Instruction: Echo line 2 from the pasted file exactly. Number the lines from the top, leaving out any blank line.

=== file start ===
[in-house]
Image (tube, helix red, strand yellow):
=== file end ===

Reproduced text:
Image (tube, helix red, strand yellow):